President Rodrigo Duterte has signed a law placing casino operations under the Anti-Money Laundering Act (AMLA) in a bid to curb illegal financial transactions following the 2016 Bangladesh Bank heist.
Republic Act (RA) 10927, a copy of which was released by Malacañang on Wednesday, amended RA 9160 or the 2001 AMLA, to expand the list of covered persons and transactions.
With the new law, casinos, including Internet and ship-based operations, are now considered “covered persons” under the AMLA.
The law requires the reporting of casino transactions worth at least P5 million, or its equivalent in other currencies, to the Anti-Money Laundering Council (AMLC). The council, formed under AMLA, is tasked to monitor suspicious financial transactions.
The law defines casino as “a business authorized by the appropriate government agency to engage in gaming operations.”
Under RA 10927, the Court of Appeals can issue a 20-day freeze order on any monetary instrument or property suspected to be related to unlawful activity. During that period, the court will conduct a summary hearing to determine whether to lift or extend the freeze order. The total period of the freeze order shall not exceed six months.
In February last year, unidentified hackers transferred $81 million from Bangladesh’s account with the New York Federal Reserve to four accounts at a Rizal Commercial Banking Corp. branch in Makati.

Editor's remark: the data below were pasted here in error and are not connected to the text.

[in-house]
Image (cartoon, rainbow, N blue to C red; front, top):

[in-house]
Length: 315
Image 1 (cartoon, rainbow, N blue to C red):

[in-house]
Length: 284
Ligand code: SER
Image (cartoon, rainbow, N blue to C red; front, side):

The money was later moved to casinos, which were at the time exempted from dirty money watchdogs’ scrutiny. The embarrassing incident prompted Congress to amend the AMLA and include casinos among covered transactions.
No more blacklisting?
Following the signing of RA 10927, Sen. Francis Escudero said he was hopeful the inclusion of casinos under the coverage of the AMLA would be “enough” for the Philippines to avoid getting blacklisted by the global anti-money laundering watchdog.
The Financial Action Task Force (FATF) has warned that it could blacklist the Philippines if it failed to include casinos under the AMLA. It means the country will be subjected to stringent financial monitoring that might affect remittances from overseas Filipino workers.
Escudero, chairman of the Senate Committee on Banks, Financial Institutions and Currencies, noted that even after the enactment of Republic Act 10365 in 2013, which further strengthened RA 9160 or the Anti-Money Laundering Act of 2001, casinos were still not covered by AMLA.
Duterte approved RA 10927 a week before the AMLC officials flew to Colombo, Sri Lanka for the Annual Asia/Pacific Group on Money Laundering (APG) Meeting and Forum on Technical Assistance on July 21.
“Now that we have already complied with the guidelines, we are hopeful that the country will no longer be put in the blacklist,” Escudero said.
“ AMLC was able to update the APG during their annual meeting in Sri Lanka that we have already passed the law. But according to them, the APG will still be monitoring the country until the law is already in force,” he added.
with BERNADETTE E. TAMAYO